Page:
(Disclosure: Linda and I have known Raya Golden since she she gave us a ride to and from the Chateau Marmont for a party during the 2006 Worldcon in Anaheim. Surviving the inevitable L.A. traffic jam and wondering who that starlet who passed us at the entrance was was a bonding experience never to be forgotten.)
Starport, a massive 272 page graphic novel, is Raya Golden‘s adaptation of George R.R. Martin‘s unproduced pilot script of the same name. Featuring the travails of Chicago’s police force and the many different alien species who come to visit its starport (one of three built on Earth by the league known as the Harmony of Worlds). Martin himself pitched it to studios as “Hill Street Blues meets aliens”, while Golden has suggested more contemporary pairings—“Brooklyn 99 meets Babylon 5... the cast of NYPD Blue on acid, playing laser tag with Alf,” and those are all pretty apt comparisons for the tone of this adaptation. Humor comes first, but as with all of Martin’s work there’s other elements—drama, romance, and even a wee bit of horror.
This is Golden’s second adaptation of Martin’s work, with the first being Meathouse Man, based on a particularly dark novella by Martin. That adaptation led to Golden being nominated for the 2014 Hugo Award, so Starport has big shoes to follow. Her artwork here (helped by colorist Rachel Hilley and letterer Bill Tortolini, another old hand at Martin adaptations with his role in the “Dunk & Egg” comic book adaptations) is clean, bright, and supports the humorous tone of much of the comic. The art style suits the adaptation of Martin’s first draft of the pilot script, which Golden describes as having been more humorous compared to the second draft’s grittier, hard boiled take on the concept.
The cast of notable characters is substantial; by my count, there’s over two dozen characters of note. It’s an expansive cast of characters for a single graphic novel, but then again that first version of the script—which was supposed to be for a 90 minute broadcast—ran nearly 2 hours, per Martin, which in part explains why the graphic novel is so lengthy. You can pick out elements in Starport that Martin has explored in other stories and, including in A Song of Ice and Fire, both in the characters and some of the themes. There’s the name Dahrys Nhar-kql, which seems to have just a little bit of similarity to Daenerys. For that matter, while she has “hair of coal”, others of her race have platinum or pale gold hair and what look suspiciously like violet eyes. The fact that her militant, honor-bound race are called Angels also brings to mind both the Steel Angels cult and the warriors of High Kavalaan of Martin’s “Thousand Worlds” science fiction setting. There are certain character-types as well, like the red-haired police detective admired by an alien who calls her “Hair-Like-Fire”. This intertextuality makes the novel an easy pick up for an aficionado of Martin’s work.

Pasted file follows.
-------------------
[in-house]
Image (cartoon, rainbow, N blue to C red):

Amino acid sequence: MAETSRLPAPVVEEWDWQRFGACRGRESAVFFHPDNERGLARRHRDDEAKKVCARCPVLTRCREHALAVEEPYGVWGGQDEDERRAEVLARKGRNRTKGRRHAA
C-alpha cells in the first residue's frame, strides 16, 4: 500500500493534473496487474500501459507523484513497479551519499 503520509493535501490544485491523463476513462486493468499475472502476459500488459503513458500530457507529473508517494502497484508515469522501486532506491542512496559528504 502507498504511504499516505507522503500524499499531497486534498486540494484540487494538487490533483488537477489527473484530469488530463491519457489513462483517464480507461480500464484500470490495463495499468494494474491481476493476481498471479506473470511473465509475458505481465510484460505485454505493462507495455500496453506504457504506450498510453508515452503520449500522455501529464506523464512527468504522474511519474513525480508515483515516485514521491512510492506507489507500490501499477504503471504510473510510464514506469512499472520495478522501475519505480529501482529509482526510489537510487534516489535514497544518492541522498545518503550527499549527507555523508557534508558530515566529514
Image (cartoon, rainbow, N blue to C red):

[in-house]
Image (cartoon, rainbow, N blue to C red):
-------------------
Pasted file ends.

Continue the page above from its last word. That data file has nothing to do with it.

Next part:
Despite the sheer length of the graphic novel, in general it moves quite briskly. The exception are a handful of places where extensive exposition takes place, two or three characters doing very little beyond explaining to one another how things work for the benefit of readers (at best, the manner in which they speak and the arguments or views they put forward end up providing a little added characterization). But these are rare when looked across the full length of the text. There’s all sorts of referential jokes—many of which Golden has clearly updated to better fit this decade, although there’s a fun one that went over my 40-year-old head until the reveal.
The only real issue I was wrestling with after finishing the novel was that it felt incredibly jam-packed with ideas and characters, but the sheer number means that many of them are treated superficially, barely scratching the surface. On the one hand, this makes all the sense in the world: the original pilot would simply have introduced with broad strokes the world and its characters with the idea that, if intriguing and good enough, it would then get picked up and turned into a series with 22 episodes a season for as many seasons as a network ordered. That would be plenty of time to explore all of these various plot and character threads that Martin laid out.
On the other hand, however, it does mean that it’s hard to feel like one has a deep understanding of the setting and its characters even after having spent 272 pages with them. The sheer scope of it all—and the fact that the number of very alien aliens, spacecraft, etc. would have strained the budgets of most mid-90s TV series—no doubt contributed to why the network passed on producing it (their loss, our gain, of course). Perhaps this aspect of the project is why the ending of the graphic novel leaves a literal question mark as to whether Golden could follow this up with a sequel, either all-original or based on Martin’s input (either contemporaneously or from any bible or story treatments he created as part of the pitch). It would be great if it did happen, and perhaps we’d start getting more of a sense of some of these two dozen characters… but given the vicissitudes of the comics business, it’s nothing one can depend on.
This is not, by any means, a science fiction version of A Song of Ice and Fire (though there’s one particular story thread that wouldn’t feel out of place there). But for me it was charming fun that really threw one back to the syndicated series of decades past. A bit of nostalgia never hurt anyone!